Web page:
A GO train travels along tracks.

Work on Lakeshore East GO line moves into Small’s Creek

Construction along the Lakeshore East GO Transit line has been making progress and work is scheduled to begin in the Small’s Creek area starting next week (Jan. 30). It’s part of the Lakeshore East rail corridor expansion project in Toronto, which supports GO Expansion for increased train service. Take a look at the work planned as well as what’s being done to minimize construction impacts and restore vegetation in the area.

Progress on expanding the Lakeshore East GO Transit rail line will move into Toronto’s Small’s Creek area, with an eye on working carefully around the important urban ravine and surrounding neighbourhoods.

Work has started on retaining walls that will be built between Jones Avenue and Coxwell Avenue as well as Woodbine Avenue to Warden Avenue. Retaining walls hold back the dirt securely allowing Metrolinx to expand the corridor – the large section of rail line – and install the fourth track in the future. These walls will also support the weight of passenger and freight trains. Crews will move into the Small’s Creek area in the coming weeks. This work is part of the Lakeshore East rail corridor expansion project in Toronto. The expansion project will enable the future addition of a fourth track and electrification on the Lakeshore East line. This means Metrolinx is making improvements today to bring communities along the GO line even more service in the future.

Grading for a temporary access road between Coxwell and Greenwood Avenue. Grading consists of moving earth and ground to ensure a safe slope and height is achieved. This road allows machines to access the corridor. (Metrolinx photo)
Image shows a large machine working.
Piling work north of Little York Road is now complete. Piling is required to prepare for the installation of the retaining wall. (Metrolinx photo)

Crews will be accessing the rail corridor from the north and south sides. Once on site, those experts will begin removing certain trees and other vegetation along the south and north side of the rail corridor within Metrolinx’s property (Right-of-Way), adjacent to Wildwood Crescent.

Within Small’s Creek, Metrolinx has received approval from Toronto and Region Conservation Authority (TRCA) for construction.  To make way for construction within regulated areas, vegetation removal is expected to begin next week (Jan. 30). This work is being conducted in preparation for the replacement of a collapsed culvert in Small’s Creek to restore the creek’s flow under the rail embankment.

Image shows a map.
Crews will access the rail corridor from the south and north sides. The works zones are highlighted in orange. (Metrolinx image)

Construction Access in the Merrill Bridge Dog Park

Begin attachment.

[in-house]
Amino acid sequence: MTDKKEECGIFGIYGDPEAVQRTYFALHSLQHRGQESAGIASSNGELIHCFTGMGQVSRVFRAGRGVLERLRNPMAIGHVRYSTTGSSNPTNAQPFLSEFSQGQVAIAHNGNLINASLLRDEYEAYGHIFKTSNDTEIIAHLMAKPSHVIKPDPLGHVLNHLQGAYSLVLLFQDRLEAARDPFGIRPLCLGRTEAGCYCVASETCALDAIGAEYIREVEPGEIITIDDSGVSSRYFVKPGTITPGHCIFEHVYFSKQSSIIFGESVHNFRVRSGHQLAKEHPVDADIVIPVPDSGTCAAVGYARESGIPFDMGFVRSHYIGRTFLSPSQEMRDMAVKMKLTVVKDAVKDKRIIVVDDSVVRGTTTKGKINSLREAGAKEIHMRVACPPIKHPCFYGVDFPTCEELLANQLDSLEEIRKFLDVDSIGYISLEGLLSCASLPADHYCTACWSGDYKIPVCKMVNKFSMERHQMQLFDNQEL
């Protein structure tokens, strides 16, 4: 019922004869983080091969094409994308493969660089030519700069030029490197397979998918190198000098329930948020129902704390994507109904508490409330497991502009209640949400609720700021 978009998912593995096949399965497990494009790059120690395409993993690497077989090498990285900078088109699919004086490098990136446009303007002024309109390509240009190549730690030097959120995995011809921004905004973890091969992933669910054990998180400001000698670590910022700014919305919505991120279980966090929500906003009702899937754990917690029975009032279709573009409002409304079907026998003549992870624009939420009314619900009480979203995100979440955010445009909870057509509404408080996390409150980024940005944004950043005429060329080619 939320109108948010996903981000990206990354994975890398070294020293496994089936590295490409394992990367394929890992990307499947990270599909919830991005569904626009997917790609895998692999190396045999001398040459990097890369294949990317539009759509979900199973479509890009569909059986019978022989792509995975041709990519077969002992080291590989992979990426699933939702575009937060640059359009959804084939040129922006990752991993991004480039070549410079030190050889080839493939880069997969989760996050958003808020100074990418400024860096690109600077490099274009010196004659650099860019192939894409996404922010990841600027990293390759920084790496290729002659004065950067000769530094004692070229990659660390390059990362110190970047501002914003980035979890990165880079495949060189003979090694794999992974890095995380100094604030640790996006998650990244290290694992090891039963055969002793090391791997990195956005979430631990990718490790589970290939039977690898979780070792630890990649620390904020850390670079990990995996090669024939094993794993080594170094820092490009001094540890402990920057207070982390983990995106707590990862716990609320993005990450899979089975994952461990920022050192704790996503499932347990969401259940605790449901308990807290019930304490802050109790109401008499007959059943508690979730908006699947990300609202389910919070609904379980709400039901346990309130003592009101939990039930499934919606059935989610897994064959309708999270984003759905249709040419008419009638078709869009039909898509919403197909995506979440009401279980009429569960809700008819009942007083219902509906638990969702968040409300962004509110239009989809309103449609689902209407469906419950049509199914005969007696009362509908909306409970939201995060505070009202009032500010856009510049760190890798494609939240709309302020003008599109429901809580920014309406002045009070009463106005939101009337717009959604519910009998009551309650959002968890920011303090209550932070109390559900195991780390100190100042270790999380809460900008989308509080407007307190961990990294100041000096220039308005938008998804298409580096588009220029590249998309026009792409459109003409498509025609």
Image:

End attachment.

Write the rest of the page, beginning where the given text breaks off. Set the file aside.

Temporary concrete barriers and fencing will be installed, and the access gate will be either locked or monitored to keep residents and pets safe from construction activities. Flagging staff will always be on site to direct trucks into the work sites, and drivers have been instructed to be extra cautious while driving through the residential neighbourhood.

Culvert Replacement

Preparing the area in advance will allow workers to access the existing culvert in Small’s Creek, which has failed and needs to be replaced. The new culvert will be adequately sized, will improve drainage, reduce potential flooding during storm events, as well as provide passage for small wildlife between the north and south side of the tracks. As previously shared with the community, Metrolinx remains committed to working with the City of Toronto and TRCA to restore the pathway on the north side of the rail corridor, which will be severed by the relocation of the culvert. Metrolinx will continue to engage the community and share additional information when available.

The new culvert installation is expected to begin in the summer and advance notice will be provided to residents.

You can see a fact sheet on retaining wall and culvert work in Small’s Creek here.

Retaining Walls

To add more frequent, electrified service, this segment of railway corridor needs to expand from three to four tracks, and specialized electrification infrastructure, like the portal structures that hold up the overhead catenary system (OCS), will be installed alongside them.

This new infrastructure will fit within the Metrolinx property line, however, the flat portion on the top of the current embankment is not wide enough to support the future fourth track. To address this, the corridor needs to be widened to the north side and grading work is required.